Cutting Your Own Bias Tape Made Simple – Plus an Easy Baby Blanket Tutorial!

We want to share a simple baby blanket tutorial with you. It features a phenomenal trick for cutting your own bias tape! This method works great with a rotary cutter, and with a little “origami-know how”, it allows you to simply make bias-cut blanket edging from your own choice of decorative fabrics!

First we’ll start with the bias tape. Begin with a large square piece of fabric. Most quilting fabrics are 45″ wide , so to get a square piece you’ll want the length to be 45″ also, or 1-1/4 yard. Either way, just make sure that the length and width of the fabric you are using are equal lengths. Cut edges should be squared (90Β°) with the selvedges.
Step one: Find the center of the square. You can do this by folding the fabric in half twice (see grey lines) and marking their intersection with a pin. Step two: Fold corners inward, to meet the centerpoint.
Next, rotate your fabric 45 degrees so that it is a square in front of you, rather than a diamond, and use a rotary cutter and straight edge to slice strips. These strips are now naturally cut on the bias!
We used 1-1/2″ wide strips,Β with 1/4″ seams, and it yielded a 1/2″ wide border.

To prepare your new bias tape for application, press it in half lengthwise, like this, and it’s ready to go. A yard and a quarter of 45″ wide material will yield more than enough bias tape for a 45″ x 45″ blanket. You may have to do some math for other sizes and uses, as we haven’t created a formula yet! πŸ˜€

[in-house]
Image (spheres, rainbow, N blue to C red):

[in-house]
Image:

Now for the blanket itself. You will need twoΒ large, square pieces of fabric, plus any batting or lining you choose to put in between. For this tutorial we chose the new Karavan Collection, from Free Spirit by Valori Wells, plus two accent materials, the green one being for the bias trim. But we also have an expansive collection of other quilting cottons here.

Sandwich the batting between the two blanket fabrics, right sides facing out, and pin. Use a circular object (like a saucer or a glass), and mark rounded corners; then trim. This cuts out the work of beveling or folding bias tape at corners, so you can just curve right around those edges with your curve-friendly bias tape!
Now, quilt the fabric as you like, stitching through all three layers.Β You can quilt along the printed pattern on the cloth, or rectangular shapes, triangles, zig-zags, swirls, flowers, spirals, or vertical lines. You can hand quilt, or use sashiko thread and use big stitches. Just remember that this quilting is only being used to keep those three layers together and in tact, plus it can be decorative and attractive. Β Make sure your layers haven’t shifted; if there are some threads or a little unevenness, now is the time to trim the edges.

The last step is to attach your bias tape. Now there are so many tutorials on the web (YouTube, for one, is a great resource), I am going to link you to this oneΒ hereΒ (just ignore the part about beveling the corners, because we rounded the edges a few steps back) and I’ll wait for you here and then carry on with the rest of my tutorial when you get back… some hand stitching will be required but if you minded that, you wouldn’t be a quilter now, would you?!? ~Wink Wink~

Once you’ve put on your bias tape, you’ve got an attractive and tidy little blanket to bundle up some joy in! This is an easy and personalized project. Β For a baby shower, tie this up with a nice piece of satin or grosgrain ribbon and you can forget about those gift registries!

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